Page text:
A new law in Vermont has been added to clarify circumstances under which the termination of custodial rights for a parent can occur.  The child custody laws in Vermont have not been changed since 1947 and this is the first update in over 60 years. 

The law that was signed by Governor Peter Shumlin outlines the circumstances that will terminate and regain child custodial rights.

It also outlines the circumstances in which custody can be given to someone else.  For example, if the parents are terminally ill, military deployed, or incarcerated, parents may be allowed to have others be the guardians of their children.

Goals of New Law

According to Governor Shumlin, the reason this part was added is due to the increase in addiction to drugs and opiate as well as the resulting incarceration.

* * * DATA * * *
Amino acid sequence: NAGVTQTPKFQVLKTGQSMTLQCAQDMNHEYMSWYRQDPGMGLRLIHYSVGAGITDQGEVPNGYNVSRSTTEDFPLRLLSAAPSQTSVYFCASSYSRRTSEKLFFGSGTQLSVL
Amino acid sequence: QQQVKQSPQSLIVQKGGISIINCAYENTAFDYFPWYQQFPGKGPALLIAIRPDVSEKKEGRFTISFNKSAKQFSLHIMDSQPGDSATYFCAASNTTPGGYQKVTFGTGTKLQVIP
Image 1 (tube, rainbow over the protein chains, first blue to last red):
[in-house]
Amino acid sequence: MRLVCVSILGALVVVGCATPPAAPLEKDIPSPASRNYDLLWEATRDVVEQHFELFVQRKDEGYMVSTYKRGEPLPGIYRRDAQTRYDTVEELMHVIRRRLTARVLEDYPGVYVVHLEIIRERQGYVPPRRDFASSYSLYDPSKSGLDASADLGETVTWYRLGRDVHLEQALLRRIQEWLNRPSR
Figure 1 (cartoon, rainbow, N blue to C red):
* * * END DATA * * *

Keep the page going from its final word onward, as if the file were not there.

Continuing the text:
In addition, this law is trying to prevent families from being split up when a parent is incarcerated.  With this law, kids can live with family members, which is one of the main goals of this law.

In Vermont, 64% of 1500 inmates have a child which affects 1600 children.  According to Jill Evans, the director of Women and Family Services for the Department of Corrections, children of incarcerated parents are seven times more likely to be incarcerated themselves.

Arizona Custodial Laws

Under ARS 8-533 (B) states that the termination of parental rights can occur if a parent has a mental illnesss or if the parent is convicted of a felony and unfit to raise a child.  In addition, Arizona has child custody courts to determine the custodial rights of children.

Family Law Attorney

Jackson White provides legal guidance when it comes to family law issues including child custody.  We know that it can be an emotionally exhausting experience and our family law attorney, Tim Durkin, can help you navigate  Arizona’s laws.  Call 480.779.7972 to set-up an appointment.